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Thursday 24 November 2011

The Saddest Book in the World

Is non-fiction, naturally. The Diary of Vaslav Nijinsky is one of the first that springs to mind when I think of books that moved me, despite the fact that it is nonsensical, mundane, and repetitive by turns. Because it is a diary, it's very clearly alive, and documents the thoughts and feelings of the most famous dancer in the world as his sanity erodes.

Vaslav Nijinsky earned his title largely through the ballets he staged from the 1912 to 1916, such as The Rite of Spring and L'apr├Ęs-midi d'un faune, which were crucial to the development of modern dance. Both in his choreography (he treated ballet audiences to their first simulated masturbation onstage) and his expressive dancing, Nijinsky was way ahead of the curve and one of the most controversial, challenging artists of his time. His career ended prematurely when he began to suffer from schizophrenia, and after leaving a snapshot of the breakdown in his diary he would spend the rest of his life moving from asylum to asylum.

The book opens with a bland observation that veers abruptly into the ominous: "I have had a good lunch, for I ate two soft-boiled eggs and fried potatoes and beans. I like beans, only they are dry. I do not like dry beans, because there is no life in them. Switzerland is sick because it is full of mountains." The whole diary is written in terse, declarative prose. Despite the dark overtones, the saddest book in the world also happens to be quite funny, when the quick-change nature of Nijinsky's thought catches you by surprise. It's a powerful personal style any author would be jealous of, though the editor suggests it is a byproduct of Nijinsky's attempt to keep his thought process from derailing. I have heard mental health experts say it is helpful to think of how behaviour is adaptive rather than maladaptive according to the inner logic of the one experiencing it, and the suggestion certainly makes for a compelling reading Nijinsky's prose.

For instance, it's sometimes easy to read between the lines and imagine what an impartial observer might see, based on Nijinsky's grandiose descriptions. Here's one example of a walk in the woods: "I ran home, glad these trials were over, but God commanded me to direct my attention to a man who was coming towards me. God commanded me to turn back, saying that the man had killed another man. I ran back. When I got back, I felt blood and hid myself behind a hillock. I crouched down so that the man would not see me. I pretended I had fallen in the snow and was unable to get up. I lay there for a long time." As Nijinksy continues to describe the scene, it seems likely he's waiting out a bout of anxiety as he spies on an old man out collecting firewood.

As odd as the diary can be, helpful footnotes by editor Joan Acocella provide the biographical context sometimes necessary to make sense of it. In some places, there is more sense to the diary than at first there appears to be, such as when Nijinsky mentions his artistic theories, the bitterness he feels towards his contemporaries, or briefly seems to realize that his daughter is afraid of him. The fact that his diary represents his very last effort to maintain makes it all the more heartbreaking. You can tell he is failing in his efforts when the text devolves into nonsense "poems" made of scattered syllables - in a letter addressed to Jean Cocteau he writes, "Tchigi, rigi, rigi, tchigi. Migi, tigi, tigi, tigi."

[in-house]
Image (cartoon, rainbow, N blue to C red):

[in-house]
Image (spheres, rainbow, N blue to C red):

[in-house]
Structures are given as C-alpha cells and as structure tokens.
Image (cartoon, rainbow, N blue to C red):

I can't find the citation to make it official, but I read somewhere that it's rare to find a firsthand account of a breakdown in progress. Written by the person experiencing it, it's much more common to find retrospective analyses (Mark Vonnegut, Kurt's son, has a good one called Eden Express). There's also no shortage of commentary by third parties. The only thing remotely like the Diary is Memoirs of My Nervous Illness by D. P. Schreber, and the academic tone of that book is very different from the raw intensity of Nijinsky's.

If you plan on looking up the Diary, just make sure you get a recent edition, rather than the version edited by Nijinsky's wife Romola. Her edits play up the messianic qualities of the writing and drop the ramblings, framing Nijinksy as a prophet. Whether she was trying build a cult following or preserve her husband's reputation I'm not sure, but the cuts do everyone a disservice. If you really get into Nijinsky, I'm sure it makes for an interesting followup, but go for the straight goods first. If you're interested in reading about mental illness from an empathic rather than clinical perspective, or even just looking for a challenging read, you cannot do better than the unexpurgated Diary of Vaslav Nijinsky. It contains the kind of insight you cannot get anywhere else.

1 comment:

  1. Fascinating vignette, Matt. I don't have a challenger to your "Saddest Book" nomination. Nijinsky's diary sounds like a Pulitzer-worthy downer.